- johnson(G, weight='weight')¶
Uses Johnson’s Algorithm to compute shortest paths.
Johnson’s Algorithm finds a shortest path between each pair of nodes in a weighted graph even if negative weights are present.
- GNetworkX graph
- weightstring or function
If this is a string, then edge weights will be accessed via the edge attribute with this key (that is, the weight of the edge joining
G.edges[u, v][weight]). If no such edge attribute exists, the weight of the edge is assumed to be one.
If this is a function, the weight of an edge is the value returned by the function. The function must accept exactly three positional arguments: the two endpoints of an edge and the dictionary of edge attributes for that edge. The function must return a number.
Dictionary, keyed by source and target, of shortest paths.
If given graph is not weighted.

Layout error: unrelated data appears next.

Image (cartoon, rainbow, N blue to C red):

Johnson’s algorithm is suitable even for graphs with negative weights. It works by using the Bellman–Ford algorithm to compute a transformation of the input graph that removes all negative weights, allowing Dijkstra’s algorithm to be used on the transformed graph.
The time complexity of this algorithm is \(O(n^2 \log n + n m)\), where \(n\) is the number of nodes and \(m\) the number of edges in the graph. For dense graphs, this may be faster than the Floyd–Warshall algorithm.
>>> graph = nx.DiGraph() >>> graph.add_weighted_edges_from( ... [("0", "3", 3), ("0", "1", -5), ("0", "2", 2), ("1", "2", 4), ("2", "3", 1)] ... ) >>> paths = nx.johnson(graph, weight="weight") >>> paths["0"]["2"] ['0', '1', '2']